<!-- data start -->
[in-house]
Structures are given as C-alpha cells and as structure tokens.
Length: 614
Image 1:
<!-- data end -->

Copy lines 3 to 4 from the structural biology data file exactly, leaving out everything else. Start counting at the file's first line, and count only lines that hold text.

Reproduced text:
Length: 614
Image 1: